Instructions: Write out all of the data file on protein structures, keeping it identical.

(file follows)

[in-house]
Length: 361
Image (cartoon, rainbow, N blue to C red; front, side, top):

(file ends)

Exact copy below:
[in-house]
Length: 361
Image (cartoon, rainbow, N blue to C red; front, side, top):